Making Soap and
I did not complete the editorial on the previous blog about our Cheese Making. I was so enthralled that we actually did it, I was exhausted from the sense of anticipation and achievement.
So, let me fill you in on the gaps:
This is the leftover whey from the Mozzarella.
After we brought the whey to a certain temperature,
we pour it through two sieves.
This catches the Ricotta.
Which leaves you with a little, yet tasty, Ricotta.
I put that homemade Ricotta on my toast the next morning and ate
in silent wonderment.
So now, let's get out of the kitchen (not my favorite place) and head outside (my favorite place).
I drew up some simple plans at 3 a.m. this morning. Yeah, I have
insomnia from time to time.
The photo below is totally bogus. It's not real. Richard drove in all the stakes. I'm just posing here. You see, nothing would have brought me more pleasure than to pound these things in but alas, I cannot. I hurt my elbow at work and I have to rest it.
What you can not see is the elbow brace underneath and the Icy Blue ointment underneath the brace.
('Don't Cry For Me, Argentina' would be a nice touch here)
I just wanted to be captured on film so one day my descendants would see I was really here, a part of this whole process, that I did participate.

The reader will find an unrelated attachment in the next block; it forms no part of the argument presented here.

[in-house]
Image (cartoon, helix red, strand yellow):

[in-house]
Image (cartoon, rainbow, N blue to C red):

Again, I would have loved to help Richard carry the compost bin on it's maiden journey out to the yard. I even tried it one armed but alas, I could not. So
Man-Child, oops, he's not a child any longer, New Man Colson was recruited yet again.
"A little to the left, please."
"Now please, turn it around, face it towards me, a little to the right,...
...yep, that's it! Perfect! Thank you so much."
Though I could not pound stakes in the ground nor carry big beautiful wooden bins, I could go around the yard collecting "food" for the bin: old poop pellets from Buns, plants that didn't make it through the cold weather, newspaper from Bun's cage and that old Thanksgiving decor that I had dumped in the woods. I'm adding the brown layer. Tomorrow I add the green layer.
(That's if Richard has recovered from today)
Because, after all I can not push the mower over the liriope or hold the weed wackier. Not with one hand.
And then, if all this was not enough, we tried our hand at making soap today!
Started outside due to fumes.
We finished it in our lab.
Another bogus photo. Since I could not lift the pot of liquid soap, I spooned in a beginning amount to test the soap boxes.
(And to include myself in this momentous occasion.
Can anyone say "Lifestyle Lift?")
There you have it: 10 pounds of Lavender Olive Oil soap.
It's going to set up for 24 hours in these boxes, which are wrapped in towels sitting in the laundry room.
Then we'll slice up our product and cure it for 4-6 weeks.
Poor Richard. He can't wait until I return to work on Thursday.
He needs a break from all these activities.
Looking for potential guinea pigs to try some soap from Whippoorwill Road.